Nutrition education plus cafeteria changes leads kids to healthier eating. School lunch display (courtesy of OSU)
A child receives food from Vancouver Mayor Gregor Robertson at the Strathcona Community Center in Vancouver, Canada, Sept. 13, 2016. Vancouver Mayor Gregor Robertson joined volunteers to help distribute free breakfast to local kids from low income families. (Xinhua/Liang Sen)
SAN FRANCISCO, Sept. 14 (Xinhua) -- A news study indicates that an integrated approach to child nutrition in schools, namely nutrition education and simple changes in cafeterias, could lead children to healthier eating choices.
The study, published in the Journal of School Health, involved one group of students who received classroom nutrition education as well as the cafeteria intervention program, another group who received only the cafeteria intervention, and the third group who did not receive either component of the program.
"They are all low-cost behavioral nudges, such as placing healthy food items at the front of the cafeteria line, using verbal prompts to encourage children to try something new, or posting fun facts about the healthy food items," said Stephanie Grutzmacher, an assistant professor of nutrition in the College of Public Health and Human Sciences at Oregon State University (OSU), who led the study while on the faculty at the University of Maryland.
For the cafeteria intervention, Grutzmacher and co-authors Hee-Jung Song of the University of Maryland and Ashley L. Munger of California State University, Los Angeles, developed a toolkit of tips and ideas for cafeteria workers as well as training food service supervisors and staff to implement suggested changes. They focused on small changes that might encourage students to make healthier food choices and encouraged cafeteria workers to evaluate their environments and pick a few changes that made the most sense in their school.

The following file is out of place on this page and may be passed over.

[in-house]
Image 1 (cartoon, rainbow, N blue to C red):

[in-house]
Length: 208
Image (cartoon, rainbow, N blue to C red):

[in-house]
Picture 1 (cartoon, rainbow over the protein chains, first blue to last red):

Asking things such as "Which fruit would you like: apples or peaches?" instead of "Would you like a fruit?" might help encourage the children to make a healthier choice, Grutzmacher was quoted as explaining by an OSU news release, adding that "we developed about 100 ideas for elementary school cafeterias, knowing that not all of the ideas were going to work in all of the cafeterias."
The classroom education included visits by trained nutrition educators as well as teacher training and lessons designed to integrate other school lessons, including math skills, writing prompts and reading, for the classroom teacher to use.
Students reported their healthy food intake, including fruit and vegetable consumption, on a daily and weekly basis.
While some improvements in healthy eating were found among students who received the cafeteria intervention, a larger improvement was found among the children who received both the classroom education program and the cafeteria changes, resulting in eating more fruits and vegetables and enjoying foods such as whole grain pasta.
The findings support the ongoing "smarter lunchroom" movement, which aims to to encourage kids to make better food choices through subtle changes in the cafeteria, said Grutzmacher, and it supports the researchers' belief that programs that address both individual and environmental factors may be most effective in improving children's diets.
"Vegetable consumption typically declines over time in school cafeterias," Grutzmacher said. "It is pretty rare to find kids who are still choosing vegetables by the fifth grade. With this program, we saw an increase in vegetable consumption among these kids."
In face of a child obesity epidemic across the United States, she acknowledged that "we need more research but we think that integrating these approaches is a good idea."